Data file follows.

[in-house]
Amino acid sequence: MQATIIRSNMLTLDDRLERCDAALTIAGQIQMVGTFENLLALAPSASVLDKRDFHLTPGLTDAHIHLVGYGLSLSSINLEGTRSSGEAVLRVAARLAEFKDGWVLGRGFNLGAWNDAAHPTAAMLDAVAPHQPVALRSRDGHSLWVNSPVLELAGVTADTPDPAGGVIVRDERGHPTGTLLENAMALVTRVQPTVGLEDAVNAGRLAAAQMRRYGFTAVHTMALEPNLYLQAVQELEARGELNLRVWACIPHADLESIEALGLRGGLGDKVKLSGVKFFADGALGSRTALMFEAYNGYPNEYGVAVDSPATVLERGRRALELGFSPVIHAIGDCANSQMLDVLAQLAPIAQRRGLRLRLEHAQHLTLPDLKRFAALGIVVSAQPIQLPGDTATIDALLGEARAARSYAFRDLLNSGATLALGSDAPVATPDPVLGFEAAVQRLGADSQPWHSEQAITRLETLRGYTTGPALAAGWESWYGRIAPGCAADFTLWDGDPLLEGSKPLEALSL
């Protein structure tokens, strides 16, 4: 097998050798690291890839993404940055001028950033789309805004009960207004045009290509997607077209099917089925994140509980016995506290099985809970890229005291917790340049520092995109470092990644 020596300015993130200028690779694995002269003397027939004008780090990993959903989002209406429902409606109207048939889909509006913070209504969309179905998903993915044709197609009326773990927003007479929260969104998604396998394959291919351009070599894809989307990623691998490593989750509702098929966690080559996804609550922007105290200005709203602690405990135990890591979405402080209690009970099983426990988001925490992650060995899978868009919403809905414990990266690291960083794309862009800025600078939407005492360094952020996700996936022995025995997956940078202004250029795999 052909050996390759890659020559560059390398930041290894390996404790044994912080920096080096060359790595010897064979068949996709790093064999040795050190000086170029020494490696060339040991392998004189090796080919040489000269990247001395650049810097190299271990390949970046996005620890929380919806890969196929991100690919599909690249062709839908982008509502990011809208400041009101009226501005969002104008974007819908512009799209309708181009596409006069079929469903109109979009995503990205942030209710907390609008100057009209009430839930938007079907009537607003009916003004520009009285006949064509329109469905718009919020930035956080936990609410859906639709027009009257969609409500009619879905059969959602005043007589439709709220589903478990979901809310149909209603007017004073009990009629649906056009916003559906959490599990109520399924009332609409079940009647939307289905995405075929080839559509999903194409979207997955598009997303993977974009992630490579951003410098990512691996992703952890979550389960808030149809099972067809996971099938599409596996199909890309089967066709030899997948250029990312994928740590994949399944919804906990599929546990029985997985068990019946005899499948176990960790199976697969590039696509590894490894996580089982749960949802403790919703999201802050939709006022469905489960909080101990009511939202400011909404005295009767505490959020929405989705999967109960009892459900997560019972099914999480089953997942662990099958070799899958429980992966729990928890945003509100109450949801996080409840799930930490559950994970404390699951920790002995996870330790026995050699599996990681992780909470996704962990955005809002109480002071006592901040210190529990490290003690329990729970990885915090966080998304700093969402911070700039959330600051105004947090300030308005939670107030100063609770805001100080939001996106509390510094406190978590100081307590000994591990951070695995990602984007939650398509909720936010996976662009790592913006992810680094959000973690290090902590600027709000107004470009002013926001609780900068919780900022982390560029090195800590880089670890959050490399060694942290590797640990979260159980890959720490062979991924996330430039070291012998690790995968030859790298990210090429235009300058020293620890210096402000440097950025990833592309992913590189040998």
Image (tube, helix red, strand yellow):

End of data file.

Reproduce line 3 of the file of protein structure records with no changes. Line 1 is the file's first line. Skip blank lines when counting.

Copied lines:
């Protein structure tokens, strides 16, 4: 097998050798690291890839993404940055001028950033789309805004009960207004045009290509997607077209099917089925994140509980016995506290099985809970890229005291917790340049520092995109470092990644 020596300015993130200028690779694995002269003397027939004008780090990993959903989002209406429902409606109207048939889909509006913070209504969309179905998903993915044709197609009326773990927003007479929260969104998604396998394959291919351009070599894809989307990623691998490593989750509702098929966690080559996804609550922007105290200005709203602690405990135990890591979405402080209690009970099983426990988001925490992650060995899978868009919403809905414990990266690291960083794309862009800025600078939407005492360094952020996700996936022995025995997956940078202004250029795999 052909050996390759890659020559560059390398930041290894390996404790044994912080920096080096060359790595010897064979068949996709790093064999040795050190000086170029020494490696060339040991392998004189090796080919040489000269990247001395650049810097190299271990390949970046996005620890929380919806890969196929991100690919599909690249062709839908982008509502990011809208400041009101009226501005969002104008974007819908512009799209309708181009596409006069079929469903109109979009995503990205942030209710907390609008100057009209009430839930938007079907009537607003009916003004520009009285006949064509329109469905718009919020930035956080936990609410859906639709027009009257969609409500009619879905059969959602005043007589439709709220589903478990979901809310149909209603007017004073009990009629649906056009916003559906959490599990109520399924009332609409079940009647939307289905995405075929080839559509999903194409979207997955598009997303993977974009992630490579951003410098990512691996992703952890979550389960808030149809099972067809996971099938599409596996199909890309089967066709030899997948250029990312994928740590994949399944919804906990599929546990029985997985068990019946005899499948176990960790199976697969590039696509590894490894996580089982749960949802403790919703999201802050939709006022469905489960909080101990009511939202400011909404005295009767505490959020929405989705999967109960009892459900997560019972099914999480089953997942662990099958070799899958429980992966729990928890945003509100109450949801996080409840799930930490559950994970404390699951920790002995996870330790026995050699599996990681992780909470996704962990955005809002109480002071006592901040210190529990490290003690329990729970990885915090966080998304700093969402911070700039959330600051105004947090300030308005939670107030100063609770805001100080939001996106509390510094406190978590100081307590000994591990951070695995990602984007939650398509909720936010996976662009790592913006992810680094959000973690290090902590600027709000107004470009002013926001609780900068919780900022982390560029090195800590880089670890959050490399060694942290590797640990979260159980890959720490062979991924996330430039070291012998690790995968030859790298990210090429235009300058020293620890210096402000440097950025990833592309992913590189040998």